No Longer Spitting in the Face of God

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woman with a basket of mandarins

What is woman?

She is woman.
She is not an imitation of man.
She is not made from man.
She is unique unto herself.
She isn’t perfect, yet she is sacred.
She is the vessel from which life is born.
She isn’t superior to man, nor is she inferior.
She is the female human being.

::

To denigrate women is to spit in the face of God. ~ Desmond Tutu

We live in a culture that has, for centuries, maybe millennium, denigrated the Feminine…and as walking embodiments of the Feminine, women and girls are living, breathing targets of this fear and hatred of the Feminine – also known as misogyny.

Allan G. Johnson writes in The Gender Knot:

“Misogyny plays a complex role in patriarchy. It fuels men’s sense of superiority, justifies male aggression against women, and works to keep women on the defensive and in their place. Misogyny is especially powerful in encouraging women to hate their own femaleness, an example of internalized oppression. The more women internalize misogynist images and attitudes, the harder it is to challenge male privilege or patriarchy as a system. In fact, women won’t tend to see patriarchy as even problematic since the essence of self-hatred is to focus on the self as the sole cause of misery, including the self-hatred.”  (italics mine)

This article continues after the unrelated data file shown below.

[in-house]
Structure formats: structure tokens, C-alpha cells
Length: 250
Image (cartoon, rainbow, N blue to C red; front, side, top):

Allan Johnson also writes,

…patriarchy is not simply another way of saying “men.” Patriarchy is a kind of society, and a society is more than a collection of people. It also involves as one of its key aspects the oppression of women.”

 

Patriarchy is NOT men. It’s a system. It’s a system we are born into. It’s a system we all hold up, and continue to breath life into, when we don’t question the assumptions we hold about men, women, and power, and about how we are in the world with each other.

It’s a system we give power to when we don’t question how we value ourselves as women, and how we value womanhood.

It’s a system we help to keep in place when we ‘hate our own femaleness’.

It’s a system that continues to control how we view ourselves when we don’t question these internalized misogynist images.

 

This isn’t about men vs. women.

Not at all. We often think when one attempts to have a conversation about this subject matter that we are blaming men, but if you read further into Johnson’s book (which I hope you will!), you will see that attempts to subvert these discussions are ways to keep this kind of system alive and well.

And if we focus on the self-hate, we are doing exactly what Johnson mentions – not seeing the mechanism of patriarchy at work.

 

This post IS about…

…the images we, women and men, carry around within ourselves of the Feminine, women, and the value of women.

This post IS about…

…the places within us that are outside of the realm of patriarchy.